Pandalid shrimp were ubiquitous throughout the study area, and no significant differences were measured between “oiled” and “non-oiled” bays in trends of CPUE of P.borealis (the best quantified) and fecundity of P. platyceros. Fecundity in the case of P. hypsinotus was reduced in 1990 compared with 1989 irrespective of bay, but fecundity was also about 30% lower among females from the “oiled” compared with “non-oiled” bays. In the case of flathead sole, mean abundance of young-of-the-year fish declined significantly in “non-oiled” bays and mean abundance of older fish increased significantly in “oiled” bays.

    In contrast to lack of evidence of adverse effects on target species caused by the EVOS, substantial declines in fishery landings of several crabs and shrimps had occurred in PWS, some to the point of closure, prior to the spill. Long-term trends in abundance of populations of these species due to natural environmental causes or fishing pressures are likely to be far more important than fluctuations attributable to EVOS.

    Keywords:

    Exxon Valdez, oil spill, Prince William Sound, Alaska, damage assessment, biological effects, subtidal, crustacean resources, Tanner crab, shrimp, bottomfish, flathead sole, polycyclic aromatic hydrocarbons, bile, sediments, bioaccumulation


    Author Information:

    Armstrong, DA
    Professor, Principal Research Scientist, Principal Research Scientist, Fisheries Biologist, and Professor/Director, School of Fisheries, University of Washington, Seattle, WA

    Dinnel, PA
    Professor, Principal Research Scientist, Principal Research Scientist, Fisheries Biologist, and Professor/Director, School of Fisheries, University of Washington, Seattle, WA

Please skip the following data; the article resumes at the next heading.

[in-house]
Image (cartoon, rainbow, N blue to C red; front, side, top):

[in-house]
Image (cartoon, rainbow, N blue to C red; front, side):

Orensanz, JM
    Professor, Principal Research Scientist, Principal Research Scientist, Fisheries Biologist, and Professor/Director, School of Fisheries, University of Washington, Seattle, WA

    Armstrong, JL
    Professor, Principal Research Scientist, Principal Research Scientist, Fisheries Biologist, and Professor/Director, School of Fisheries, University of Washington, Seattle, WA

    McDonald, TL
    Pre-doctoral Research Assistant, Oregon State University, Corvallis, OR

    Cusimano, RF
    Environmental Scientist, Environmental Investigations, Olympia, WA

    Nemeth, RS
    Pre-doctoral Research Associate, University of New Hampshire, Durham, NH

    Landolt, ML
    Professor, Principal Research Scientist, Principal Research Scientist, Fisheries Biologist, and Professor/Director, School of Fisheries, University of Washington, Seattle, WA

    Skalski, JR
    Professor, Center for Quantitative Science, University of Washington, Seattle, WA

    Lee, RF
    Professor, Skidaway Institute of Oceanography, University of Georgia, Savannah, GA

    Huggett, RJ
    Professor and Assistant Director, Virginia Institute of Marine Science, College of William and Mary, Gloucester Point, VA


    Paper ID: STP19873S

    Committee/Subcommittee: E47.01

    DOI: 10.1520/STP19873S